Kelvin Dueck, the Pitt Meadows Secondary instructor, had received the Prime Minister’s Teaching Excellence in STEM award in 2019. (School District 42 website/Special to The News)

Kelvin Dueck, the Pitt Meadows Secondary instructor, had received the Prime Minister’s Teaching Excellence in STEM award in 2019. (School District 42 website/Special to The News)

Pitt Meadows Secondary teacher bags the Excellence in Teaching High School Physics award

Instructor also has a following of more than 3,000 subscribers to his YouTube channel

A Pitt Meadows teacher, enthusiastic about physics, is back in the news with another feather added to his hat.

Kelvin Dueck, the 25-year teaching veteran, who is with Pitt Meadows Elementary, has been awarded the 2021 Excellence in Teaching High School Physics award from the Canadian Association of Physicists.

“The universe is cool. If I do my job right, I just need to get out of the way, and the universe will be cool on its own,” he said upon receiving the recognition for his passion and dedication to science instruction.

In 2019, Dueck was recognized for his passion and drive for keeping students engaged in STEM learning, through the Prime Minister’s Awards for Teaching Excellence in STEM honour.

ALSO READ: Pitt Meadows teacher wins Prime Minister’s Award

Dueck adopted tablets for classroom work in 2004 and has been digitizing his lessons since, and posting them online. He also posts homework answer keys, extra practice questions and video clips, and now screen-casts his lessons on YouTube. He now has over 3,000 followers on his channel and gets over 680,000 views.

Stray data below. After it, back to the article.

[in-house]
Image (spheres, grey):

“Teaching physics, there are always moments when the kids will say ‘Wow, I didn’t know that’s how it works,’” he said. “If I am lucky, I can get every kid a bunch of those throughout the year.”

Dueck started out his career in teaching as a math instructor in 1997. He retired in 2003, and moved to the science department which quick-started his journey into teaching physics.

Dueck said he still enjoys watching students light up when they unravel a problem or see the universe from a new perspective.

“You can’t get enough of that,” he said. “You see that little light go on and they realize they are understanding the universe differently. You live for that. It is just the best.”

ALSO READ: Maple Ridge Pitt Meadows School District wins budget award


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